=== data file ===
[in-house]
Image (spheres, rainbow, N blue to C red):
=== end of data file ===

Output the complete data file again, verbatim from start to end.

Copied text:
[in-house]
Image (spheres, rainbow, N blue to C red):